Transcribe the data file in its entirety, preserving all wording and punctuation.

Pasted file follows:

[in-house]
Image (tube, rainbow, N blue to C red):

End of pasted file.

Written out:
[in-house]
Image (tube, rainbow, N blue to C red):